Martin Kippenberger

Mut zum Druck
5 March – 9 April 2011

Between 1977 and 1997 Martin Kippenberger created 178 posters, for reasons going well beyond advertising his own exhibitions. Indeed, he seems to rarely have passed up an opportunity to visit his favourite printing studio with yet another spontaneous idea: concerts, parties, readings or simply a birthday were reason enough for the artist, known for his gregarious sociability, to use this particular medium. In order to achieve the self-set goal of “beating Picasso” (who created over 400 posters) he also drew on the help of his artist friends – from Albert Oehlen to Jeff Koons – to come up with designs. In this exhibition, Nolan Judin Berlin is pleased to present all 121 posters that form the five legendary portfolios published in small editions between 1986 and 1994.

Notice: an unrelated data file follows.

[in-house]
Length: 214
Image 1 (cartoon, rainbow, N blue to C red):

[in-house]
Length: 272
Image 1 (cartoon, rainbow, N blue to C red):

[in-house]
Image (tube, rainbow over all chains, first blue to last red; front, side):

In the extensive and highly diverse oeuvre created by Martin Kippenberger before his untimely death in 1997, the posters play a role that is significant beyond mere numbers. This notorious enfant terrible saw in them the opportunity to reach out with his exuberant ideas, provocations, irreverences and declarations of love far beyond the elitist world of museums and galleries. He once remarked that “museums are old-fashioned blather”, and together with his books, his lectures, as well as his actions in front of (more or less) large crowds, these posters enabled him to address his audience without being mediated by institutions. The poster, the self-advertising medium par excellence, represented the brilliant fusion of “Kippenberger the self-promoter” with “Kippenberger the bogey of the middle classes”: the spectator is spared no absurdity, no embarrassment, no taboo remains unbroken. Just like in his paintings and sculptures, he consciously and indulgently violates each and every rule, insulting his audience with his banality and coarseness—only to, in the next moment, regain its affection by way of his brilliant wit. His legendary limericks (“Ich geh’ jetzt in den Birkenwald, denn meine Pillen wirken bald” – which translates loosely as: “I think I’ll soon head for the hills, I feel the kick from all those pills”), as well as titles of his exhibitions (“Give me the silly season”) and works (“For the Life of Me I Can’t See the Swastika in This”) speak of a carefree sense of humour, but at the same time of a kind of scrutiny that is serious and mocking at the same time. Kippenberger – ingenious, self-taught and eccentric – saw art as an egalitarian undertaking, a perspective that also rendered it political and hence serious. On second inspection, we also find this seriousness in his handling of the poster as medium. He knows the rules of the genre and employs them professionally. At the same time he cleverly plays with and subverts the expectations that a viewer might have of this medium. Sometimes he uses a rather direct means of communication, achieving an immediate impact by way of attractive visual motives and classic fonts. At other times the layout is fragmented, reminiscent rather of an advertisement one needs to step closer to in order to decipher. On nearly every poster, clever slogans and cheeky innuendoes invite us to read and look more closely. The great recurring motive in Kippenberger’s posters is the artist himself. From snapshots to carefully staged portraits, the images sometimes show him as a daring streaker, sometimes as a pot-bellied package-tourist. Self-deprecating and ceaselessly poking fun at bourgeois ideas of dignity and self-respect, Kippenberger manages, in spite of all the blustering embarrassments, to use his conspicuous self-consciousness and great sensitivity to win over his audience.